As previous weeks of Circular Economy Month have discussed, a circular economy has three major benefits: environmental, social, and economic. The final week of the campaign looks at the social and economic benefits of circularity.
What social and economic benefits come from adopting a circular economy?
Our society and economy are highly linked to one another. A circular economy presents many social and economic opportunities and benefits.
- Creation of new and meaningful jobs
- Provision of equitable opportunities (skills development, training) for all members of society
- Healthier public spaces through the reduction of greenhouse gas emissions, reduction of waste in the environment, reduction of distances of goods travelled, etc. (For more environmental benefits, see Week 2 content.)
- The building / repatriation a manufacturing base in Canada (which shortens the supply chain and reduces its complexity)
- The growth of local economies
- Increased financial savings
Facts, Stats, and Resources
- In just six circular industrial sectors in Canada, a 2019 report commissioned by Environment and Climate Change Canada found that 371,000 - 379,000 jobs had been created while 1.6 million tonnes of CO2e annual emissions were avoided. Even with limited data, these sectors saved 470,000 tonnes of material from the landfill!
- The value retention processing market (VRP; i.e. reuse, repair, refurbishment) of six circular industrial sectors generated approximately CAD $44 billion in 2019.
- In 2017, Canada's industrial sector accounted for 70 million tonnes of CO2 emitted, while the country's entire economy generated 720 million tonnes of CO2. The estimated 1.6 million tonnes of CO2e reduced in the six sectors studied in 2019 demonstrated, even at the study's conservative lower estimate, circular economy jobs and innovations were significant. Now, imagine if all industrial sectors across the country adopted circular approaches!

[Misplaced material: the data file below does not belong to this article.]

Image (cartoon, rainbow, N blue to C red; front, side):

- A just transition to a circular economy should prioritize transparency, sustainability, fairness, and prosperity.
"With so many millions of jobs at stake, the transition towards the circular economy needs to be a just transition - based on social justice and decent work for all. To ensure that social and environmental progress go hand in hand, we must start valuing properly the people that make the circular economy work." -- Guy Ryder, International Labour Organization, WCEF 2021 Summary Report
Social priorities to support the circular economy
- Support, respect, and empower Indigenous leadership.
- Provide leadership opportunities, safe jobs, training, and capital for all communities, including youth, rural and remote communities, marginalized peoples, and the Global South.
- Implement policies and strategies to support circular innovation, such as circular procurement, taxation, investment, and trade.
- Integrate, in all business, political, and societal decisions, solutions based in circularity, low carbon, and nature.
- Work together in symbiotic relationships to accelerate lessons learned and share resources.
- Socio-economic and environmental study of the Canadian remanufacturing sector and other value-retention processes in the context of a circular economy: Environment and Climate Change Canada via Oakdene Hollins and Dillon, 2019.
- World Circular Economy Forum 2021 Summary Report
- Get Involved in the Circular Economy: Government of Canada